Telomerase is widely expressed in 80%–90% of human cancers, but it is almost undetectable in normal somatic cells.45 In human brain tissue, telomerase activity is observed in 89% of glioblastomas and 45% of anaplastic astrocytomas, but it is absent in normal brain tissue.46 In most cancers, the level of telomerase activity generally correlates with the proliferation state of the cells. The presence of the enzyme is required for unlimited proliferation (immortality), whereas its absence almost always dictates a finite lifespan (senescence).45 This suggests that telomerase activation is involved in the establishment of cellular immortality and may therefore be a critical step in carcinogenesis.47 Therefore, inhibiting telomerase activity may be a therapeutic strategy for selectively targeting malignant gliomas and sparing normal brain tissue.48
We examined the naturally occurring compound Bdph to investigate its possible antitumor activity in vitro and in vivo. We treated human glioblastoma cells with Bdph and observed a dose-dependent decrease in human telomerase reverse-transcriptase mRNA expression and a concomitant increase in p16 and p21 expression (data not shown). This was supported by data from a mouse xenograft model in which Bdph suppressed telomerase activity and inhibited tumor proliferation, which resulted in tumor senescence (data not shown).
Although telomerase is absent from most human somatic tissue, telomerase is expressed in adult germline tissues and in bone marrow hematopoietic cells. The presence of this telomerase activity may result in unwanted adverse effects if Bdph is systemically administered to treat malignant gliomas; this may pose a particular problem for long-term treatment regimens. In an attempt to solve this potential issue, we tested the local, controlled release of drugs bound to polymers. Overall, targeting the telomerase gene using a local delivery system to produce antitumor effects with drugs such as Bdph may result in a clinically applicable therapy in the future.
The carmustine implant, a currently used local delivery Gliadel wafer, is an alkylating agent that kills both tumor and normal cells. As a consequence, many adverse effects are observed even with local application. Adverse reactions are both local and mild (eg, nausea and vomiting) and systemic and aggravating (eg, infection, pulmonary embolus, and hemorrhaging). In contrast, systemic administration of Bdph results in only a mild hepatic impairment and slight hyperglycemia accompanying a 7.5 g/kg median lethal dose (LD50). Their mild side effect is due to Bdph being a targeted drug. The effector of Bdph is the orphan receptor Nurr77, which translocates from the nucleus to the cytoplasm and leads to tumor apoptosis.23,24 In our previous study, we showed that Bdph increases Nurr77 transcription via an AP-1 motif.49,50 Nur77 has been implicated in growth inhibition and apoptosis,19,21,23,26–28,32 suggesting that Nur77 induction may be an early event during Bdph-induced apoptosis in GBM cells. To determine whether the same molecular mechanism is involved in the antitumor effect, we examined the effects of Bdph on tumor viability (Fig. 3), signal transduction (Fig. 5), Nurr77 protein translocation (Fig. 4), and histochemical staining of in vivo brain tumor cell xenografts (Fig. 7) when it is released from biodegradable wafers. Our results implicated the PKC pathway in signal transduction (Fig. 5A), showed Nur77 translocation from the nucleus to the cytoplasm (Fig. 4), and demonstrated caspase expression leading to tumor cell apoptosis (Fig. 6C). These results are consistent with the effects of Bdph when it is not incorporated into polymer form. Our findings suggest that the Bdph-Wafer retains its natural biological antitumor function.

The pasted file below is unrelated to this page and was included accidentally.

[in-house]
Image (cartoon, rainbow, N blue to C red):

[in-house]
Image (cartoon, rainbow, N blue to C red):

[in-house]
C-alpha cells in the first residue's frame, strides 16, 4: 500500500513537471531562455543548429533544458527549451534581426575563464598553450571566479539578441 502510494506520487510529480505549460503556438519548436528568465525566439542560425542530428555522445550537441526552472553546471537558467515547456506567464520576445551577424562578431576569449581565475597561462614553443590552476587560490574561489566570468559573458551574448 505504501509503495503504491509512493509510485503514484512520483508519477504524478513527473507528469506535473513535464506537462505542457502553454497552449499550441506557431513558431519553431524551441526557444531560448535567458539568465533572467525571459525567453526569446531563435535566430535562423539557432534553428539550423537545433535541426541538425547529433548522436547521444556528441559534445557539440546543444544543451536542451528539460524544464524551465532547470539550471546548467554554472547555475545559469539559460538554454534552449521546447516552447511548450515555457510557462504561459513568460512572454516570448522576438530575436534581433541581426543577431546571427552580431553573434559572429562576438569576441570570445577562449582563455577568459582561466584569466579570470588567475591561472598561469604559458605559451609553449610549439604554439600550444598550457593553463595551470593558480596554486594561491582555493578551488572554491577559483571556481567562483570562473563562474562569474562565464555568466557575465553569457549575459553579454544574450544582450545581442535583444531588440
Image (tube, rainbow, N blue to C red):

Sekiya et al. (2000) reported the biodistribution of Bdph. Less than 1 h after dermal application, labeled Bdph (unchanged [8-14C]butylidenephthalide and/or its metabolite) was detected at the application site and in the liver, bile, and kidney. At 4 h, the labeled compound was still strongly detected in the intestines, although the total amount in the body decreased. The biodistribution data showed that only 0.029 μg/g of brain tissue was detected after 1 h.51 Thus, only 3% of the total amount can reach the brain. Although Bdph is a hydrophobic compound, the BBB most likely contributes to the low amount of Bdph found in the brain. Therefore, controlled local delivery of the drug to the target could circumvent this problem. We showed that approximately one-half of the available Bdph in the 10% Bdph-Wafer (~5 mg) was released from the degraded polymer at 6 days and that 99% was released by the 30th day. Thus, nearly 100% of the available Bdph reached the brain tumor using our biodegradable polymer.